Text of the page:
As a civil-rights activist? Basically his life, from before. As he likes to say, his father was a race man. He was a man who was interested in race. My grandfather had his own business and had moved up from Texas to Detroit to work in the auto industry and eventually he had his own business, so he talked about that process—about how my grandfather had no place for friendships with white people. They lived in a black and Polish neighborhood, so it wasn’t a totally segregated neighborhood and maybe because my grandfather owned his own business, my father was maybe a little bit higher up—maybe fully middle-class. He talks about coming out to Washington and the difficulties and your mother telling you, “Don’t go out there and be crazy—don’t give somebody a reason to do something to you.” On the other side, how do you hold your head up? That pressure. But my father has, let’s say, colorful language, and he’s truly a politician and proud of it. I don’t vote because of my experience with politics as a child. I just don’t do it anymore. One of the reasons I do what I do and got away from them was because it was a very big tree, and I had to get out from under that.
Why did your father move to Washington? He was in the army, so he got stationed at Fort Lewis, and he made teeth, and this is useful for the piece: We talk at the very end of the sequence he’s in about teeth and about the fact that he made his own dentures and doesn’t actually have any teeth anymore after being this kind of radical guy that could really bite into things. [Laughs] It’s also interesting to see a person who starts out very politically radical but ends up mayor of the city [Tacoma]. It says something about the allure of power. We just wanted to be mainstream. We wanted to become part of society, not something extra. So to achieve what he achieved is what most of mainstream people really want—to be part, just include us.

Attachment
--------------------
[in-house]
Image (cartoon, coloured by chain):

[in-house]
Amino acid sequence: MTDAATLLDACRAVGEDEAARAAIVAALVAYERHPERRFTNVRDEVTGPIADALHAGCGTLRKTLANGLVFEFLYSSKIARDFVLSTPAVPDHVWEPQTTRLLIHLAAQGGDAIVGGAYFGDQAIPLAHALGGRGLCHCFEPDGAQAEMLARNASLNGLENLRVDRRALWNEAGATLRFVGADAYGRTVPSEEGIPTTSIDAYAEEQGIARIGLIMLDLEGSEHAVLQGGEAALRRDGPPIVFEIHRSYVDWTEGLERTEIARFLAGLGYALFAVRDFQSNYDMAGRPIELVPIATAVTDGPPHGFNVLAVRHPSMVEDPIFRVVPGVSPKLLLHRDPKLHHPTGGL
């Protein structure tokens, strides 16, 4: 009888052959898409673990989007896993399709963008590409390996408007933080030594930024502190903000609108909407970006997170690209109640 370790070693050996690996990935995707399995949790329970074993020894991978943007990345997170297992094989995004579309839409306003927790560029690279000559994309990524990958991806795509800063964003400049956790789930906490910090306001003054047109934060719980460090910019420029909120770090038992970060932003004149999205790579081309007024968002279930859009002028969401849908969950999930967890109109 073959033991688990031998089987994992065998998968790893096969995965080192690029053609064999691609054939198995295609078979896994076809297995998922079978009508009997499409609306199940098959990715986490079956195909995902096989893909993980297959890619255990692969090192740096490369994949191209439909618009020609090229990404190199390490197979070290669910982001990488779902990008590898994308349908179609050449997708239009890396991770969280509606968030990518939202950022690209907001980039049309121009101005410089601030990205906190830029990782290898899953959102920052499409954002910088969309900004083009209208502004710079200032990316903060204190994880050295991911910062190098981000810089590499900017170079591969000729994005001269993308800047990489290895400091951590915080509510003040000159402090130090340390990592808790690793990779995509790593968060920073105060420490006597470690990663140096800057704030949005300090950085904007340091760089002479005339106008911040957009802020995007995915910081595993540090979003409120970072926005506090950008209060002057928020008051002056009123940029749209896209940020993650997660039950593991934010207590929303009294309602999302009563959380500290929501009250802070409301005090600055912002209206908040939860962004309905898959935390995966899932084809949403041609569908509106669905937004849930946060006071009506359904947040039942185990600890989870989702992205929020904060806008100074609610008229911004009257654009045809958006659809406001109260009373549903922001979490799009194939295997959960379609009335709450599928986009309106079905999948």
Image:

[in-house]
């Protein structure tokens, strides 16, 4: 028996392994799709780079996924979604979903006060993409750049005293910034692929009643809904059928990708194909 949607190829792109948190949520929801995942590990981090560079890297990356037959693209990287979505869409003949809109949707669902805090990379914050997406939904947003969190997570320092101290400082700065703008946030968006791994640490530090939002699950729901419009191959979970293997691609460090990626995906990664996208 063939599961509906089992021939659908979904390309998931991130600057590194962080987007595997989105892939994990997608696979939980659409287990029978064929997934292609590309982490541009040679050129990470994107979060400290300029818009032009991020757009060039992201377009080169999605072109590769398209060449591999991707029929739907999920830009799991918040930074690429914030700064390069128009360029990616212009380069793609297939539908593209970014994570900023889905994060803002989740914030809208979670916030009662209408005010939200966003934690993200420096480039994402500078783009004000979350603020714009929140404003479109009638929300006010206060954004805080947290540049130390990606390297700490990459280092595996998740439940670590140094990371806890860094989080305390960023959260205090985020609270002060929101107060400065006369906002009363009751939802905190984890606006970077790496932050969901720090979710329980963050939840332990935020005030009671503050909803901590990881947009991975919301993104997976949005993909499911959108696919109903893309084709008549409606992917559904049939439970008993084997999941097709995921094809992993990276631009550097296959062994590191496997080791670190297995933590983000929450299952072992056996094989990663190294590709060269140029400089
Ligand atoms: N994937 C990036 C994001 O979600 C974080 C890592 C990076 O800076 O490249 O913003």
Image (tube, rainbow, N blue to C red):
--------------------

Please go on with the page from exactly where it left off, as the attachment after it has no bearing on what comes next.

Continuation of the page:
What turned you off so much about politics? Egos. I think it’s one thing to start out with the idea that you’re doing something altruistic for somebody else and for yourself, but then it becomes associated with you personally and that power and that ego about what you think and how it’s thought and how well you think about it in terms of, I’ve gone through this process, I understand and maybe you don’t, but let me educate you about it. That kind of thing. It just becomes so much ego. And you need that ego; like artists need their ego to make their work, politicians need their ego. But it’s very hard to get around it.
Did you see that happen to your father? I was a kid. All I could see was that my parents were possibly more involved in something than they were with me. I was involved in politics while I was in Washington. I got to New York, saw the political setup here and said, I’m ambivalent to begin with—I just don’t need to go there. But local politics are about people, and do you trust those people? It’s really personalities, and it’s interesting for that reason. It also has its downsides. I love my anonymity. When I go to Tacoma, my father treats the city like it’s his living room. [Laughs] If he’s walking down the street and somebody’s garden is very nice, and he doesn’t know them, he has no problem going up and telling them what he thinks or if they’re doing something, what are you doing? He’s very comfortable there. He’s celebrating his 85th birthday next week. He got an honorary Ph.D. from the University of Puget Sound, which turned him down for law school. He has a street and a building named after him.